Encyclopedia of Cancer

Living Edition
| Editors: Manfred Schwab

Aggressive Fibromatosis in Children

  • Marry M. van den Heuvel-Eibrink
Living reference work entry
DOI: https://doi.org/10.1007/978-3-642-27841-9_142-2

Synonyms

Definition

Aggressive fibromatosis (AF) is a rare soft tissue tumor and rare in childhood with high potential for local invasiveness and recurrence. Primary surgery with negative margins is the most successful primary treatment modality for children with AF. Positive resection margins after surgery indicate a high risk for relapse. Multicenter prospective (randomized) trials are necessary to clarify the role of and best strategy for treatment in pediatric AF after incomplete surgery. For this purpose, chemotherapy or alternatively radiotherapy can be considered, each with its own potential side effects in consequence.

Characteristics

Aggressive fibromatosis (AF) (Supportive care) is a soft tissue tumor, which arises principally from the connective tissue of muscle and the overlying fascia (aponeurosis). The previously most used synonym is desmoid tumor. The histological pattern is characterized by elongated fibroblast-like cells....

Keywords

Familial Adenomatous Polyposis Adenomatous Polyposis Coli Positive Margin Soft Tissue Tumor Desmoid Tumor 
These keywords were added by machine and not by the authors. This process is experimental and the keywords may be updated as the learning algorithm improves.
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References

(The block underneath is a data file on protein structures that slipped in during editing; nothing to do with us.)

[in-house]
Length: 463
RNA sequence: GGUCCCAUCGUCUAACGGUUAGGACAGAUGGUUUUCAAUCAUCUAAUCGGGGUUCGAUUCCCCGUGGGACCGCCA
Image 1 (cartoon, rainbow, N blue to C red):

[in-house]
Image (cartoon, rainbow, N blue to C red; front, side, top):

1. Buitendijk S, van de Ven CP, Dumans TG et al (2005) Pediatric aggressive fibromatosis, a retrospective analysis of 13 cases and a review of the literature. Cancer 104:1090–1099CrossRefPubMedGoogle Scholar
  2. Skapek SX, Hawk BJ, Hoffer FA et al (1998) Combination chemotherapy using vinblastine and methotrexate for the treatment of progressive desmoid tumor in children. J Clin Oncol 16:3021–3027PubMedGoogle Scholar
  3. Spiegel DA, Dormans JP, Meyer JS et al (1999) Aggressive fibromatosis from infancy to adolescence. J Pediatr Orthop 19:776–784PubMedGoogle Scholar

See Also

  1. (2012) Chromosome. In: Schwab M (ed) Encyclopedia of cancer, 3rd edn. Springer, Berlin/Heidelberg, p 848. doi:10.1007/978-3-642-16483-5_1145Google Scholar
  2. (2012) Familial adenomatous polyposis. In: Schwab M (ed) Encyclopedia of cancer, 3rd edn. Springer, Berlin/Heidelberg, p 1373. doi:10.1007/978-3-642-16483-5_2106Google Scholar
  3. (2012) Negative resection margins. In: Schwab M (ed) Encyclopedia of cancer, 3rd edn. Springer, Berlin/Heidelberg, p 2469. doi:10.1007/978-3-642-16483-5_4000Google Scholar
  4. (2012) Osteoma. In: Schwab M (ed) Encyclopedia of cancer, 3rd edn. Springer, Berlin/Heidelberg, p 2663. doi:10.1007/978-3-642-16483-5_4282Google Scholar
  5. (2012) Radiotherapy. In: Schwab M (ed) Encyclopedia of cancer, 3rd edn. Springer, Berlin/Heidelberg, p 3158. doi:10.1007/978-3-642-16483-5_4926Google Scholar
  6. (2012) Recurrence. In: Schwab M (ed) Encyclopedia of cancer, 3rd edn. Springer, Berlin/Heidelberg, p 3208. doi:10.1007/978-3-642-16483-5_4998Google Scholar
  7. (2012) Surgery. In: Schwab M (ed) Encyclopedia of cancer, 3rd edn. Springer, Berlin/Heidelberg, p 3574. doi:10.1007/978-3-642-16483-5_5596Google Scholar

Copyright information

© Springer-Verlag Berlin Heidelberg 2014

Authors and Affiliations

  1. 1.Department of Pediatric Oncology/HematologyErasmusMC-Sophia Children’s HospitalRotterdamThe Netherlands